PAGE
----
Reddit co-founder Steve Huffman (who also co-founded Hipmunk and is a 2011 Inc. 30 Under 30 honoree) is teaching a Udacity online course on Web application engineering. In one of the instructional videos, Huffman reveals that many of Reddit's "users" in the early months were actually fake accounts, created by the founders.
Huffman goes on to say that these fake users were critical to building Reddit:
Within a few months, the site had gained enough momentum and a strong enough sense of community that the authors no longer needed to post articles under fake accounts.
In the video, Huffman talks of willing Reddit into existence. An entrepreneur must have a vision of a better world he or she can create, but vision alone is not enough. He or she must also make his or her vision real and powerful to potential customers and investors. Otherwise, he or she will never gain the resources and momentum he or she requires to be successful.
In this context, a "smoke and mirrors" approach can sometimes be critical to willing a business model into existence. The forces of skepticism and inertia can be strong among investors and potential customers. To combat those forces, we need to create a compelling vision of the future and make it seem more real and inevitable than the status quo:
Important Note: By "Smoke and Mirrors," we are not suggesting entrepreneurs do anything unethical or illegal. As you will see in the example below, we are talking about ethical actions to gain traction in building a new business model. In the Reddit example above, our view is that the founders' actions were not misleading to their early customers, nor unethical.
In one recent engagement, we convinced a client that it needed to guarantee its customers 24-hour turnaround on purchase requests. This was vital to addressing a major reason for customer dissatisfaction and moving to a higher spot on customers' approved vendor list.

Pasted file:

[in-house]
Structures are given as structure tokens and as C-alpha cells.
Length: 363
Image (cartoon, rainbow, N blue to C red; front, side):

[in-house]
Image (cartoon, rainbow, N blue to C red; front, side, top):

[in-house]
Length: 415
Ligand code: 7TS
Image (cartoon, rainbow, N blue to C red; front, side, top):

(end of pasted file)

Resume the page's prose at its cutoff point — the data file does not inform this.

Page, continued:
However, we also needed to convince the client that 24-hour turnaround was achievable, when the status quo for most requests was 72 hours. To do so, we launched a pilot program to address key bottlenecks and resource gaps. For a select set of customers, we simplified the entire process, from the level of information needed to fulfill the request to the level of judgment and process needed to approve or deny the request. The pilot results were very positive; customers were happier with a quick denial than with a drawn-out, back-and-forth approval.
Not bad for a model that we created out of thin air.
We then made 24-hour turnarounds inevitable, through the simple technique of "burning our boats behind us." We moved employees from their current teams to new "SWAT" teams and built into those individuals' performance goals and incentives a significant bias toward quick decisions. We gave them no choice but to make decisions quickly.
We also placed the SWAT teams in charge of the entire purchase request process and helped them revamp it so that they could make good decisions quickly. We allowed them to have an above-average "reject rate," because we did not want them to make bad approvals (whereas we were fine with an overly restrictive approval process and high reject rates).
Along the way, we encountered all manner of doubt and inertia. We boiled our vision down to its essence and communicated it at every opportunity. When told "it can't be done," we responded (politely, of course!), "It must be done, and here's why. Either get on board or get out of our way." Where necessary, we borrowed or appropriated folks, taking them away from their day jobs (or simply redefining what their "day job" actually was) and asking for forgiveness instead of permission.
With the successful pilot in hand, we are adding more SWAT teams across the rest of the organization.
Note that at any point in time, senior executives could step in and stop or delay this whole operation. If they did so, they would see behind the curtain, see the "spit and baling wire" with which we were holding the whole operation together. Major processes and team structures are in flux, and we're learning as we go. However, the executives remain very supportive because we have made a compelling case (and continue to make the case) that the status quo is untenable.
In this way, we are faking it until we make it.
Have you willed your business into existence? Share your thoughts with us at email@example.com.